The Consumer Price Index (CPI) rose 0.7% in February, the most since June 2009. Most of the increase was due to rising energy prices. Less food and energy core CPI rose 0.2% last month. On a year-over-year basis, both headline CPI and its core have increased 2.0%, indicating that inflation pressures at the consumer level remain contained.

Industrial Production was stronger than anticipated in February rising 0.7%. Manufacturing rallied 0.8%, led by durables. Motor vehicle production jumped 3.6%. Excluding vehicles, manufacturing rose a smaller 0.7%. The yield on the benchmark 10-year Treasury note fell last week to 1.99%. Given the lack of inflation pressures and a friendly Federal Reserve, we anticipate the yield on the 10-year T-Note will remain in a range of 1.50% to 2.25% for most of 2013.

Sector Rankings and Recommendations

No. 1 Financials = Strongest sector – Buy. Groups expected to outperform: Specialized Finance, Asset Management & Custody Banks, Investment Bank & Brokerage and Multi-line Insurance

No. 2 Consumer Discretionary = Jump in RS – Buy. Groups expected to outperform: Broadcast and Cable TV, Computer & Electronics Retail and Advertising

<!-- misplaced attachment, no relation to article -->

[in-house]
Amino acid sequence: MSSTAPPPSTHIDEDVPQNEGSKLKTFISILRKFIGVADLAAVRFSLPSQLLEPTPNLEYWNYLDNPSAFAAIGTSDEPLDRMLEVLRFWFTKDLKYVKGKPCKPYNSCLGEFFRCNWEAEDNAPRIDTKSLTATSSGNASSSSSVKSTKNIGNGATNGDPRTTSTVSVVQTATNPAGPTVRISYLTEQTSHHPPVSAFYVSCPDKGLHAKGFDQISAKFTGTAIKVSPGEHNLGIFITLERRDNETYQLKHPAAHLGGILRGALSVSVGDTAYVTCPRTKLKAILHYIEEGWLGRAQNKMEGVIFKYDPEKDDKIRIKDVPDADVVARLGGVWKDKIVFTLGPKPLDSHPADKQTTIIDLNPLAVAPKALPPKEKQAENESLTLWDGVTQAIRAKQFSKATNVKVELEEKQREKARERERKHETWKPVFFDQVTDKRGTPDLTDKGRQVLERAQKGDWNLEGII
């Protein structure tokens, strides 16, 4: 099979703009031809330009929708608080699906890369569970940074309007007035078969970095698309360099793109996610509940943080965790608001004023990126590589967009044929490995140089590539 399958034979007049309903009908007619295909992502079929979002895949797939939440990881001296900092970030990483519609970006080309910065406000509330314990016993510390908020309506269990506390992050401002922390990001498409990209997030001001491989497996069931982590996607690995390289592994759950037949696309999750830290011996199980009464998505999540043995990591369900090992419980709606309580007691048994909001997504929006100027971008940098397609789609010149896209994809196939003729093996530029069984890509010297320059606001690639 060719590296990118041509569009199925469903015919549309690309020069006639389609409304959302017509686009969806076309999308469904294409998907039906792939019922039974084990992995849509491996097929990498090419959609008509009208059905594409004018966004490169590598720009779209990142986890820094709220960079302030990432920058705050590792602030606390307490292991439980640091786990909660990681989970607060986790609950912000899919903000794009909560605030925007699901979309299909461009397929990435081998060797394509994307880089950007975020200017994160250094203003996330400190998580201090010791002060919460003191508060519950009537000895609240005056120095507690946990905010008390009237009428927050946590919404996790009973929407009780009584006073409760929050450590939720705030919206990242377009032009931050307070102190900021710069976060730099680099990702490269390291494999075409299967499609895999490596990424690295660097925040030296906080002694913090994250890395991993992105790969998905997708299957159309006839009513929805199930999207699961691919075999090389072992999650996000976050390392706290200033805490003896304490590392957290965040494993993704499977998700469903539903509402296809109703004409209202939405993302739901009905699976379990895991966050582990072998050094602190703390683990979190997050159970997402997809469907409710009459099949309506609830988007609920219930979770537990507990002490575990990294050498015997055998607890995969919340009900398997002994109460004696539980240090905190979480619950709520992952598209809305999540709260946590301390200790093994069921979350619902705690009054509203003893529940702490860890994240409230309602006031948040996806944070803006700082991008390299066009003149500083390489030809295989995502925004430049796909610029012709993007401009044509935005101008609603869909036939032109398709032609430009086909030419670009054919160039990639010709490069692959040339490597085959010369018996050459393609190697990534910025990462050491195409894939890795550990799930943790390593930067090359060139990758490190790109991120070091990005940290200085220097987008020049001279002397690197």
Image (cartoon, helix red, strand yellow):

No. 3 Health Care = Maintaining good RS – Buy. Groups expected to outperform: Biotechnology, Health Care Facilities and Health Care Distributors

No. 4 Telecom = Jump into top five. Wait for additional evidence – Hold. Groups expected to outperform:  Wireless Telecom Services

No. 5 Industrials = Good RS – Buy. Groups expected to outperform: Employment Services, Airlines, Office Services and Supplies and Building Products

No.6 Consumer Staples = Some slippage in RS – Hold. Groups expected to outperform: Agricultural Products, Personal Products, and Drugs Retail

No. 7 Materials = Weak RS –Hold. Groups expected to outperform: Metal & Glass Containers, Paper packaging and paper Producers

No. 8 Utilities = Poor RS – Hold. Groups expected to outperform: Independent Power Producers, Multi-Utilities & Unregulated Power

No. 9 Energy = Decline in RS -Hold. Groups expected to outperform: Oil & Gas Refining & Marketing, Oil and Gas Equipment & Services and Oil & Gas Drilling

No. 10 Information Technology = Poor RS – Hold. Groups expected to outperform: Internet Software & Services and Electronic Equipment Manufacturers, Semiconductor Equipment and Office Electronics 

Article provided by Robert W. Baird & Co. with the authorization of its author for Evan Guido, Vice President, Financial Advisor at the Sarasota office of Robert W. Baird & Co., member SIPC. The opinions expressed are subject to change, are not a complete analysis of every material fact and the information is not guaranteed to be accurate. 


Evan R. Guido

Vice President of Private Wealth Management

One Sarasota Tower, Suite 806

Two North Tamiami Trail

Sarasota, FL  34236-4702

941-906-2829 Direct Line

888 366-6603 Toll Free

941 366-6193 Fax